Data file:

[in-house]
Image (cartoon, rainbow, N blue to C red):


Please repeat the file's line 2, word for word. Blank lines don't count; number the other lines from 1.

Image (cartoon, rainbow, N blue to C red):